Hacker use of Microsoft macros plummeted after default block: report
The use of macros in Microsoft Office applications by hackers decreased significantly after the tech giant first decided to block the feature by default, according to a new report from cybersecurity firm Proofpoint.
In a study released Thursday, Proofpoint researchers said they saw a decrease of two-thirds from October 2021 through June 2022 of threat actors using Visual Basic Application (VBA) and XL4 macros, which are series of commands used to automate a repeated task.
VBA macros have been used prolifically by cybercriminals and state-backed groups to automatically run malicious content when macros are actively enabled in Office applications, according to Proofpoint, which added that XL4 macros – which are made for Excel – were also popular among threat actors.
Microsoft declined to comment on the decreases when asked about the report. The company was praised for blocking XL4 Macros in October and VBA in February. It faced significant backlash from security experts when it reversed its decision earlier this month, following complaints from some clients, but quickly reinstated the block last week.
Proofpoint researchers said while they saw a drop in macros threats by two-thirds, they saw a 175% increase during the same period in the number of campaigns using container files, which are a compressed collection of files, like ISO and RAR, as well as the Windows shortcut LNK.
“Proofpoint researchers assess with high confidence this is one of the largest email threat landscape shifts in recent history,” they said.
“It is likely threat actors will continue to use container file formats to deliver malware, while relying less on macro-enabled attachments.”
The Proofpoint report notes that macros are still used by threat actors, but that there has been a noticeable shift as groups try to get around Microsoft’s Mark of the Web attribute, which the company uses to block VBA macros by determining if a file originated online.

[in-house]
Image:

“Additionally, threat actors can use container files to distribute payloads directly. When opened, container files may contain additional content such as LNKs, DLLs [Dynamic Link Libraries], or executable (.exe) files that lead to the installation of a malicious payload,” Proofpoint researchers explained.
LNKs specifically have been used widely by cybercriminal groups behind malware like Emotet, QBot and Phorpiex, while state-backed groups from Russia, North Korea and elsewhere have also used them in several campaigns.
Proofpoint said it has seen an increase in ISO and LNK files in campaigns. Usage of the former increased 150% between October and June, with more than half of the 15 hackers being tracked using ISO files since January.
From February onwards, Proofpoint researchers observed at least 10 groups use LNK files, with a 1,675% increase in LNK files used since October 2021.
“Threat actors across the threat landscape are pivoting away from macro-enabled documents to increasingly use different filetypes for initial access. This change is led by the adoption of ISO and other container file formats, as well as LNK files,” Proofpoint researchers explained.
“Such filetypes can bypass Microsoft’s macro blocking protections, as well as facilitate the distribution of executables that can lead to follow-on malware, data reconnaissance and theft, and ransomware.”